Homemade Applesauce

Start with Good Apples

Like any good recipe, making your own applesauce starts with finding great apples. If possible, find a local grower. We’re lucky enough to have lived in Michigan, and now in Western North Carolina, where the apple crop is large, but we don’t use just any old apple grower. We searched for a grower who uses little to no chemical pesticides. Apples are high on the dirty dozen list so ask the grower questions about their practices, be selective, and buy in bulk.

Chunky or Smooth

Determine your favorite type of sauce. Do you like chunky or smooth? Personally the smooth stuff reminds me of baby food and makes me gag, so we make chunky.


  1. Chunky applesauce – Get an apple slicer/peeler/corer to process the apples and place them into a large stock pot. Add about an inch of water and some cinnamon (to taste), turn on high heat and begin stirring and mashing with a potato masher. Cook and mash until you reach your desired consistency, then place in jars for canning – or eat fresh. Refer to your canning guide for proper procedure.
  2. Smooth applesauce – Start by coring and quartering the apples with a paring knife. Cook down apples as described above then pour into a chinois sieve and process into a bowl. Pour the pureed apples into jars for canning – or eat fresh. Refer to your canning guide for proper procedure. (You can also use a sauce maker to make smooth applesauce.)

Making smooth applesauce will yield a bit more product because the peeler/corer takes off some of the apple during processing, but if you like chunky better (like us) it’s worth it.


Recommended Canner

A good canner is like a good blender, an investment in your DIY infrastructure. Spending extra for quality is the right thing to do. We purchased an All American 921 pressure canner a few years back and have used it to process well over 100 quarts of delicious, homemade product. A pressure canner can be used to can low acid foods like meat and beans, but also doubles as a hot water bath canner for high acid foods like fruits and tomatoes. The canner we use will process up to 7 quarts or 19 pints per batch and has a 5-star rating from 167 reviews on Amazon – it’s an awesome machine. It’s a 21.5 quart canner and I would not recommend buying anything smaller; if you want larger go with the 30 quart from All American (another 5-star rated canner).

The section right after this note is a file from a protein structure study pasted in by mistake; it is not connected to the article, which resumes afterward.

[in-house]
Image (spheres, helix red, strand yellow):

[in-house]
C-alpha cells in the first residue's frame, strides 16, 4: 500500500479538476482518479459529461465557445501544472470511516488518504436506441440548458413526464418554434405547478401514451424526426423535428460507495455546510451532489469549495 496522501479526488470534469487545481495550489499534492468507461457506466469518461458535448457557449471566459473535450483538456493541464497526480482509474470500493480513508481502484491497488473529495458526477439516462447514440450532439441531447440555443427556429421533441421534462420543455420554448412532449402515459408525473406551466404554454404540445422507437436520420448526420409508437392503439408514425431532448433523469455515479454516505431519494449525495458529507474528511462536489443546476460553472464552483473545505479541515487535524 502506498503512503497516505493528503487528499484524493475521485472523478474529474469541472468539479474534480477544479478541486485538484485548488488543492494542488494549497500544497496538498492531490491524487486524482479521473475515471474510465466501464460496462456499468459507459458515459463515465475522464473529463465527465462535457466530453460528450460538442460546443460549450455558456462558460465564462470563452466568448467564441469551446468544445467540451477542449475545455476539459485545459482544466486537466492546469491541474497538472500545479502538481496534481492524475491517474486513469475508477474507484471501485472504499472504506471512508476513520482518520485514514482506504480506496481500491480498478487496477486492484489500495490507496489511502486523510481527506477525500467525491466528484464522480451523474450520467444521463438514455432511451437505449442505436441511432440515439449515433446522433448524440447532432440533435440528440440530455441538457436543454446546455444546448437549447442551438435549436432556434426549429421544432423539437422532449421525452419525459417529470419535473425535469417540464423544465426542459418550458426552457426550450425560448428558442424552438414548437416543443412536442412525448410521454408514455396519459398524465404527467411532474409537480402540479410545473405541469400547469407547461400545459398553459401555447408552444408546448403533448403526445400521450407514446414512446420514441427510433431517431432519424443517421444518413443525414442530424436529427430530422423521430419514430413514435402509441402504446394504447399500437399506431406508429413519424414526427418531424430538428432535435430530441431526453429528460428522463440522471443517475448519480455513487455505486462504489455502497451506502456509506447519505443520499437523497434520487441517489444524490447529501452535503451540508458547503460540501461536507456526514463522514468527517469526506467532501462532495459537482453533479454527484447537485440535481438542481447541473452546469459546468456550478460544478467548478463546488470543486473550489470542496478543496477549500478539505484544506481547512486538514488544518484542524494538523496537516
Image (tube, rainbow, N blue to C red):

All American canners are made in the USA and come with an instructional booklet, a regulator weight, and canning racks giving you the complete package. Before we bought ours we had never canned a day in our life, we learned from the book so you can too.

Cost and Savings

We paid $13 for 18 quarts of delicious, fresh, homemade applesauce. We know where it came from and what went into it. We supported our local grower who is using practices we agree with. We can eat it through the winter or give it away as gifts. We’re planning to go get another ½ bushel so we can make another 9 quarts to give away as gifts since we’ll need all 18 quarts to last through the winter.

Our applesauce costs just over 2¢/ounce. Comparatively a quart of organic unsweetened applesauce at the store costs just over 9¢/ounce. So we have a better product for less than ¼ of the cost of store-bought. Plus we had a great time doing the project… and you just can’t beat that!